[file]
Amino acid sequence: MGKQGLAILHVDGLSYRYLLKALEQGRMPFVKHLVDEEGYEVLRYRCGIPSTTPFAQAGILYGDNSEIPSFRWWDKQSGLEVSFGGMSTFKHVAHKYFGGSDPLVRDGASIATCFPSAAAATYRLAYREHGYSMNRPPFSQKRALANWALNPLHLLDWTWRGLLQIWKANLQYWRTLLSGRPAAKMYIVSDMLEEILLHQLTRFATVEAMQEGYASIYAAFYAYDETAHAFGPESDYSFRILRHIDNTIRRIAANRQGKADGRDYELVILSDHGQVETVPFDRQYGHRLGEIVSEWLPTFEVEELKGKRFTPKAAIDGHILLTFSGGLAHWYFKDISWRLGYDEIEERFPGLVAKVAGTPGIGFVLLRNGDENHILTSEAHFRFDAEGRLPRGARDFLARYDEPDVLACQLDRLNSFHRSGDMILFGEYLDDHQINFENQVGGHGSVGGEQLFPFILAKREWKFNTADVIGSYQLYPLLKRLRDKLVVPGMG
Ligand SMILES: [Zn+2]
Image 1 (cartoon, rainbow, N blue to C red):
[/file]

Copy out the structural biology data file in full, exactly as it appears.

Amino acid sequence: MGKQGLAILHVDGLSYRYLLKALEQGRMPFVKHLVDEEGYEVLRYRCGIPSTTPFAQAGILYGDNSEIPSFRWWDKQSGLEVSFGGMSTFKHVAHKYFGGSDPLVRDGASIATCFPSAAAATYRLAYREHGYSMNRPPFSQKRALANWALNPLHLLDWTWRGLLQIWKANLQYWRTLLSGRPAAKMYIVSDMLEEILLHQLTRFATVEAMQEGYASIYAAFYAYDETAHAFGPESDYSFRILRHIDNTIRRIAANRQGKADGRDYELVILSDHGQVETVPFDRQYGHRLGEIVSEWLPTFEVEELKGKRFTPKAAIDGHILLTFSGGLAHWYFKDISWRLGYDEIEERFPGLVAKVAGTPGIGFVLLRNGDENHILTSEAHFRFDAEGRLPRGARDFLARYDEPDVLACQLDRLNSFHRSGDMILFGEYLDDHQINFENQVGGHGSVGGEQLFPFILAKREWKFNTADVIGSYQLYPLLKRLRDKLVVPGMG
Ligand SMILES: [Zn+2]
Image 1 (cartoon, rainbow, N blue to C red):